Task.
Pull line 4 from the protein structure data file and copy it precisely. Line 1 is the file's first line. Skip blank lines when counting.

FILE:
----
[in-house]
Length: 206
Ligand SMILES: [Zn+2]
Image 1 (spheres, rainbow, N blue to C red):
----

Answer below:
Image 1 (spheres, rainbow, N blue to C red):